Article in English | EMBASE | ID: covidwho-1927867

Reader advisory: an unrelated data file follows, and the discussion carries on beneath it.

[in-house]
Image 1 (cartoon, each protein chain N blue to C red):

RATIONALE: The Center for Medicare and Medicaid requires hospitals to report compliance with a sepsis treatment bundle as part of its Inpatient Quality Reporting Program. Cleveland Clinic Foundation (CCF) Fairview hospital reported a Sepsis Core Measure Compliance (SEP-1) of 25% and a mortality averaging 20% in 2017. Both were very dismaying. METHODS: Starting in 2018 a sepsis committee was convened with a plan for several quality initiatives. Real-time audits and peer to peer education were provided to caregivers on the failed cases. A sepsis alert in the Electronic medical record system and a sepsis checklist were initiated. In 2020 a Code sepsis team was created with 24 hours response and follow-up on all sepsis alerts. As the CCF enterprise decided in 2020 to focus on mortality reviews, our hospital adopted rather a hybrid model reviewing all failed compliance cases of the one hour antibiotic in addition to mortality cases reviews. Several educational and awareness sessions were entertained with the residents, advanced practice providers, hospitalists, intensivists and nursing teams. Seventy Registered Nurses received training in 2018 and forty-three in 2021. Sepsis Champions were designated encompassing all stakeholders. Collaboration with Emergency Room caregivers to provide hand-off communication on sepsis alert patients to the medical-surgical providers ensured continuity of care. A sepsis order set was revised and went live in September 2021. Beginning of 2022, A dedicated full time quality coordinator and program manager for sepsis was appointed. RESULTS: Despite the Coronavirus 19 infection (COVID 19) pandemic where Cleveland Clinic Fairview Hospital was designated as the tertiary referral academic center for northwestern Ohio and despite the inclusion of COVID 19 mortality within the sepsis mortality data, comparing 2017 to 2021, SEP-1 measures compliance improved from 25% to 60.4% and sepsis mortality decreased from 20% to 15.38%. The one hour antibiotic compliance averaged 78.89% in 2021. With the above performance and impact on survival, Cleveland Clinic Fairview Hospital was leading the CCF Hospitals both in compliance and Mortality. Several of the above Fairview hospital quality initiatives and approaches were later adopted across the Cleveland Clinic Hospitals. CONCLUSION: A sepsis dedicated committee, quality/program manager and a code sepsis team with a focus on the evidence base components of the sepsis core measures, all helped improve compliance and decrease mortality. Future research is needed to highlight the impact of each of those quality and educational initiatives on outcomes and performance. Word Count: 400 (Figure Presented).